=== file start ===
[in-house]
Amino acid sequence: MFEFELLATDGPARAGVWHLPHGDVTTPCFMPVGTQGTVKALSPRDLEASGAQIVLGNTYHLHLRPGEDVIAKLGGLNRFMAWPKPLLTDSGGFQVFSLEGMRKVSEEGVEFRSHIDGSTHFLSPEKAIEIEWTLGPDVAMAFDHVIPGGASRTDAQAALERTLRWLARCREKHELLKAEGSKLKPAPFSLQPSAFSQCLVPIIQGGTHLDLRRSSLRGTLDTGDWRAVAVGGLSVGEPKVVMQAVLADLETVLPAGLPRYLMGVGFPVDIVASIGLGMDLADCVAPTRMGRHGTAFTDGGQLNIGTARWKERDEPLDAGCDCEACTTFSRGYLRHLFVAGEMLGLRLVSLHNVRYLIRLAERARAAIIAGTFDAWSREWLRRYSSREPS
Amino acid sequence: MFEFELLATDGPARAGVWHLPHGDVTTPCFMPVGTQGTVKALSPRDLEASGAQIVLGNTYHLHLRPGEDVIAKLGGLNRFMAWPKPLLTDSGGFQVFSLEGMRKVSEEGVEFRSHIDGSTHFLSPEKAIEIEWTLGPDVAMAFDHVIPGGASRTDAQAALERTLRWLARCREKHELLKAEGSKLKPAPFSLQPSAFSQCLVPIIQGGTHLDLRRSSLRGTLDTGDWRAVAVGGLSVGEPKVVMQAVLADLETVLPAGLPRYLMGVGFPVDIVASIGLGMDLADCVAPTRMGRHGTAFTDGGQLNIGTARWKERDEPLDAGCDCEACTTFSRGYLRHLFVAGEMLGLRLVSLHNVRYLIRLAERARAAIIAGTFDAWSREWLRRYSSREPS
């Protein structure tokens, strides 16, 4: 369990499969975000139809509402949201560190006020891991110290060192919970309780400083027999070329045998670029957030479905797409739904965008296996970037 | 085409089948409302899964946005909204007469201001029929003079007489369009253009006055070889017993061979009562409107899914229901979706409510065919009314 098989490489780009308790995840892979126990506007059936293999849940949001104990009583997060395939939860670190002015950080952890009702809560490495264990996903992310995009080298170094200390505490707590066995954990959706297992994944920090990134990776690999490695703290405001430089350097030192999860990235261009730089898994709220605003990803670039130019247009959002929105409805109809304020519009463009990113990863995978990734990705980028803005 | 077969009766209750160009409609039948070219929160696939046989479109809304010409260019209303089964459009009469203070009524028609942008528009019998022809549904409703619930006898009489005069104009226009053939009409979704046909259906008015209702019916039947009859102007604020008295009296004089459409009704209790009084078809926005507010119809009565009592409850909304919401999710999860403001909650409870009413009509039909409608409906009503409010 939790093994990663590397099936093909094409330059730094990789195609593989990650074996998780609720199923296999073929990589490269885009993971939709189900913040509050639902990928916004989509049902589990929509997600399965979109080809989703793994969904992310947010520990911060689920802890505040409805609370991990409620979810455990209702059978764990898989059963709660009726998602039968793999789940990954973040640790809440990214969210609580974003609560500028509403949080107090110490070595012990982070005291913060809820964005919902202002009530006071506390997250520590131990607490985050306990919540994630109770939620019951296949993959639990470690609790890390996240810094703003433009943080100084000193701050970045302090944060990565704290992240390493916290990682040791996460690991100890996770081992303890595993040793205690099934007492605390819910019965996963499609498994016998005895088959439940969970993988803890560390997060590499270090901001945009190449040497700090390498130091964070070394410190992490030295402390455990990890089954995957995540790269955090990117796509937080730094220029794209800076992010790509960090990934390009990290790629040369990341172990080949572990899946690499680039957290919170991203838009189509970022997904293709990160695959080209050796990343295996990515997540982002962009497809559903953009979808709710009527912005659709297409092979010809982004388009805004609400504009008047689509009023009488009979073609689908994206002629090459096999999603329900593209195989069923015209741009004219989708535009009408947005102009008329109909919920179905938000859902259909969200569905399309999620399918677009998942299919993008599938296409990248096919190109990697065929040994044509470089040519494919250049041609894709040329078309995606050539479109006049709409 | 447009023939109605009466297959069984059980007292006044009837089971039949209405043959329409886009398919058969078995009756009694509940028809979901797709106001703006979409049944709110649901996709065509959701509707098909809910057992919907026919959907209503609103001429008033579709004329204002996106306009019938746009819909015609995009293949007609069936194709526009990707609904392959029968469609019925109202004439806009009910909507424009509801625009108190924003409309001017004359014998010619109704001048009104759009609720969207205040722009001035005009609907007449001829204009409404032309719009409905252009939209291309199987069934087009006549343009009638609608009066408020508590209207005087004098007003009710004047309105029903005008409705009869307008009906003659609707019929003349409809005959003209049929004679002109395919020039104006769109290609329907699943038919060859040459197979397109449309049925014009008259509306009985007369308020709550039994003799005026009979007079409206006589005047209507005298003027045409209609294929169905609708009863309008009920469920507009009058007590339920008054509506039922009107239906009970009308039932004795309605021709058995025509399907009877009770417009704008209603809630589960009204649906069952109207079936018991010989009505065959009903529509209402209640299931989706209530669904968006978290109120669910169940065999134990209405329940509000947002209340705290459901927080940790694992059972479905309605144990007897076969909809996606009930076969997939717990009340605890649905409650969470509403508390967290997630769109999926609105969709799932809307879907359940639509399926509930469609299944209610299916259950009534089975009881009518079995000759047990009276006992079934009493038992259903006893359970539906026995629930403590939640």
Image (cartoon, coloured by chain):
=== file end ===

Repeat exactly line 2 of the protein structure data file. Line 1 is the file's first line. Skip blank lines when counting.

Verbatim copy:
Amino acid sequence: MFEFELLATDGPARAGVWHLPHGDVTTPCFMPVGTQGTVKALSPRDLEASGAQIVLGNTYHLHLRPGEDVIAKLGGLNRFMAWPKPLLTDSGGFQVFSLEGMRKVSEEGVEFRSHIDGSTHFLSPEKAIEIEWTLGPDVAMAFDHVIPGGASRTDAQAALERTLRWLARCREKHELLKAEGSKLKPAPFSLQPSAFSQCLVPIIQGGTHLDLRRSSLRGTLDTGDWRAVAVGGLSVGEPKVVMQAVLADLETVLPAGLPRYLMGVGFPVDIVASIGLGMDLADCVAPTRMGRHGTAFTDGGQLNIGTARWKERDEPLDAGCDCEACTTFSRGYLRHLFVAGEMLGLRLVSLHNVRYLIRLAERARAAIIAGTFDAWSREWLRRYSSREPS